Friday, June 25, 2010

Taking It Down

In the never-ending quest to bring our eletricity usage down, we've been trying to make some little changes. We've already eaten the low-hanging fruit: changed the lightbulbs, eliminated ghost loads, and stopped using the dryer, and those things have made a difference, but not enough of a difference.

Our electric bill has a comparison chart on the bottom of it that allows us to see what our usage has been over the past year. According to this calculator our 562 kWh/month (40% of which is hydro) is 43% of what the average American uses.

There are two appliances in my house that use an inexcusably large amount of electricity - the refrigerator and the stove. We know this, because we did a quick and dirty comparison of how fast the little wheel on our meter was running with these appliances operating and without them. We also noticed that our average usage is pretty constant. During the winter, we're using more lights, and so it seems like the summer bill should be smaller, but it's not, and we figured out why the other night.

It's me. I like to drink tea, and I drink it hot - all year long (give me a break, okay? I live in freakin' Maine, and hot up here is a cool spring day to you southern folks ;). During the winter, the teapot stays hot on the woodstove. During the summer, I heat up the tea pot, on average, seven times per day.

Deus Ex Machina suggested that, perhaps, I could use the thermos. So, as an experiment, I have been heating up the water, once, and making tea in the thermos. It gets me three or four cups of hot tea (and it's HOT for a LONG time!), before I have to make another pot.

My goal is to reduce our electrical usage to the point that it would make sense for us to purchase a small solar array, and for just around $1000 we could have a system that would generate 1.6 kWh/day with six hours of sunshine (which is what we average in my area). It would cost us a little bit more to purchase the storage equipment so that we could actually have electricity from our system when the sun isn't shining.

Unfortunately, as long as we're using the eletric stove, even with the reduced usage, and the refrigerator, because somebody isn't ready to give it up (sheesh, it's not like it's toilet paper or anything *grin*), we'll be consuming more electricity than we can afford to produce.

And we'll be stuck being dependent on someone else to deliver it to our door.

As such, I've thought of some solutions:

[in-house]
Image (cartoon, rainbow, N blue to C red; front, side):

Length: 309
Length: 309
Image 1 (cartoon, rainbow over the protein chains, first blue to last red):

Refrigerator options:

Cheapest: unplug our side-by-side. One half could be used for storage. The other half would be the "refrigerator" and we'd use bottles of ice from the freezer (which we will keep, because we buy meat in bulk, which is the only way to get locally, raised beef on demand, and because we're limited in the space we have and raise all of the chicken we'll eat for the year during the summer - we don't have the space to keep meat birds "on the hoof", as it were) to keep the stuff cool - although not nearly as cold as it is right now.

Best: build a spring house out back over the brook or build a cold closet in the house, which uses geothermal principles to keep the food cool.

Compromise: convert a chest freezer to a refrigerator, which would still use electricity, but only uses 100 to 200 kWh per year.

Electric stove:

Cheapest: limit use and employ some passive cooking techniques, like haybox cookers and using the thermos to store hot water. This is the option we'll be using for now, but it's not likely to save a great deal.

Best: replace the electric stove with a gas stove that uses methane gas we produce ourselves. The nice thing about methane digesters is that they can create a closed system. We input "wastes" (things that would be composted, like kitchen wastes and animal dung) into the digester and create a slurry, which off-gases and produces methane that can be used as a gas for cooking and also for operating an engine to produce electricity. Unfortunately, this option requires quite a large investment in equipment, and it would require us to be very diligent in feeding our digester. The other wrench in the works to the whole plan is that methane digesters like what we'd need, while they are being manufactured, sold and used in some parts of the world, aren't yet available in the American market. The other aspect of this type of system that makes it a little tricky for us, is that the slurry needs to be kept at a certain temperature for the anaerobic action necessary to produce the gas to take place. It would be a good solution during the warmer months here in Maine, but we'd have to have a back-up during the winter ... like a woodstove ... or something.

Compromise: An outdoor kitchen, which would include a rocket stove and/or a propane burner - for heating up water for tea ;). The benefit of this particular option is that we could also use the kitchen for boiling maple sap, and if we were to use the plans for the all-in-one that were developed by Mother Earth News, we'd also have an oven that I could use to bake bread. It would be great during the summer on days like today, when I won't heat up the house to bake anything, which means we don't eat bread ;), and during the winter, we'd end up saving a wad of cash on our electric bill, because I'd be doing all of that baking outside instead of in the electric oven. I might even learn to plan a little better, because each baking session would require just a wee-bit more of a commitment from me than simply turning a knob ;).